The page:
a. The one to one translation can help by determining if a disk byte is valid because it has to match only one of the sixty four valid disk bytes.
b. The exclusive OR step is probably the best at determining if corruption has happened because every byte is included in the calculation to determine the checksum.
c. The 6and2 prenibbleisation stage is helpful if corruption is contained to a small area because this stage splits the user bytes into different parts of the disk sector.

Because of the corruption in the data, when importing and processing the data bytes we end up with an invalid data field. The prenibble byte calculations get pushed past the checksum and field end bytes. To fix the field size I inserted in some dummy bytes to make the size equal 342 disk bytes plus the checksum.



I rewrote parts of the "AppleIIDiskIIAnalyzer" so that it was more forgiving on timings. What I ended up with was what had initially been produced by the copy programs.

To track the corrupt data all I needed to do was to find the bytes "6F 66 20 61 67" within the "Disk II Data Stream Processor". This I knew had been read without corruption. This gave me the start time of the data field within the bitstream recording. After counting 3 bytes for the data field header then 86 disk bytes which comprise of the compressed "0 0 C0 C1 B0 B1 A0 A1" bytes put me at the beginning of the user prenibble bytes. Traversing another eighty odd characters I arrived at the corruption area. Counting the bitstream bytes showed that indeed this was true. The "AppleIIDiskIIAnalyzer" has difficulty converting the bytes when it hits the bitstream containing the corruption. Looking further afield, the bitstream seems to suggest that the corruption is contained to one area and the protocol finally recovers towards the end of the sector.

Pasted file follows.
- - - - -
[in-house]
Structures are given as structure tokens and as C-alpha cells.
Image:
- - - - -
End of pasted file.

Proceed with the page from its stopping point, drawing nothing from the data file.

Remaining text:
To recover the bottom part of the sector I setup the processing to work backwards. If we assume the checksum exclusive OR result is zero and run the exclusive OR calculation in reverse we get the above result. Again I had to tinker with the "AppleIIDiskIIAnalyzer" timings to get a better outcome. The protocol does not recover straight way after the corruption area but a least we have a good chunk that can be worked out automatically. At this point we are left with just seventeen bytes to fix.



Still working from the end of the sector towards the corrupted area the rest of the calculations needed to be done manually. Out came the pen and paper. Working with two or three bytes at a time I was able to reconstruct the data all the way to the corrupted area.



The remaining eight bytes would end up being the most difficult to recover because the actual data was missing ie the disk was corrupt in this area. I placed a template of good looking bytes over the top of the corrupted bytes to give me an idea of how long normal byte lengths were. From this I continued to do byte recognition based from optimal timings. I was more confident over some bytes than others. I played around with different combinations until I stumbled across a solution that fulfilled the exclusive OR calculation. The displayed text was "caibu,ne". I didn't believe I had the right combination of bytes but the exclusive OR calculation worked. I could now turn off the reverse processing code and only deal with processing the data in one direction. The last two bytes made sense in the text so I was confident I was down to six bytes.